Women and elections

Security concerns or distance from polling stations cannot be used as excuses for not having women cast their votes.

Editorial April 26, 2013
A file photo of a female voter taking part in by-elections in Rawalpindi. PHOTO: ONLINE

Along with the youth factor and the effect of militant violence, one of the unpredictables in the upcoming elections are the women voters. A recent report in this newspaper has noted that in the 2008 elections, not a single woman cast her vote in 31 polling stations in Punjab. This time, many hope that things will be different. The National Commission on the Status of Women has held a series of meetings with regards to women’s suffrage in the upcoming elections, and has asked the Election Commission of Pakistan (ECP) to ensure adequate security for women in areas where they may be especially threatened. The commission has stressed that women should be made to feel secure in both, going out of their houses to vote, as well as voting of their own accord.

Indeed, the winds of change seem to be buffeting the electoral landscape when it comes to women both voting and contesting in elections. Where at one point in time, it was felt that only women with a legacy of male heavyweight politicians as close relatives could contest in elections, now women who are relatively disadvantaged are taking things in their own hands and even contesting elections, despite the threats, in an indication of increased political awareness. In Tharparkar for instance, where it can be said that discrimination is quite pronounced along gender lines, a 32-year-old woman, Hajiano Lanjo, is standing up to contest against established politicians of the area.

Perhaps, one of the most prominent cases in this regard has been the case of Badam Zari, the first woman election candidate in the history of the tribal areas. This is all the more remarkable given the dismal literacy rate in the area — only three per cent of the women are literate — and the fact that tribal customs largely prevail in Bajaur society. More than how Badam Zari fares at the polls, the fact that she has actually decided to stand for elections is a step forward in itself.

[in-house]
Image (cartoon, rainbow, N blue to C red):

Meanwhile, when it comes to women voters — the other side of the coin — several areas have reported an increase in the number of women voters who have registered. This may be due to a number of reasons, like more women getting computerised NICs made, which automatically registers them. An encouraging development in this regard is that women in Swat have insisted that they will not only vote in the upcoming elections but do so according to their own inclinations. This, if it happens, will not only be a huge step forward in terms of women empowerment in the area, but will also mean that the profile of voters from the area will be substantially different from that in the 2008 elections, when, in a typical patriarchal move, contestants from the area decided not to allow women to cast their votes.

In another step forward, voter lists show a remarkable increase of up to 236 per cent in the number of female registered voters in Khyber Agency. Whether or not these women come out and vote is a different matter altogether, as for many, there are social and cultural barriers — such as clerics in some areas considering women voting un-Islamic — that prevent them from doing so. Indeed, according to a report by the Free and Fair Election Network, there were up to 10 million missing female votes in Khyber-Pakhtunkhwa (K-P) during the previous election cycle. This time, the ECP has made a minimum of 10 per cent female voter turnout mandatory in K-P and the tribal areas, and one can only hope that this not only leads to greater genuine participation by women in the voting process, but is also a push factor in increasing political awareness among women. Security concerns, or even distance from polling stations, cannot be used as an excuse for not having women cast their votes. It will be impossible to call election results truly representative if, from a total of 180 million, 37 million of the registered voters — the women — do not vote.

Sixteen women won seats in the last elections and it remains to be seen whether the optimism and determination seen in these elections will translate into more seats and hence greater representation, this time round.

Published in The Express Tribune, April 27th, 2013.


Manoj Joshi India | 8 years ago | Reply

There is an apparent improvement in the social status of women in Pakistan that is both encouraging and strengthening to the growing democracy in the Islamic Republic. Although it may be too early to arrive at any conclusion nevertheless there is a ray of hope and the situation can and should be perceived with the desired optimism.

Shahrukh | 8 years ago | Reply

completely agree with you Mirza. three liberal and avowedly secular parties in three provinces cannot dare campaign without the threat of being bombed. the other two heavyweight contenders are cloaked in the taliban's garb. if this isn't pre-poll rigging, then I don't know what is! wake up Pakistan! corruption is not the biggest issue here!! it's the bigotry, hatred, religious zealotry and intolerance being promoted by the TTP and its ilk - and the people claiming to bring 'change' are their biggest apologists.

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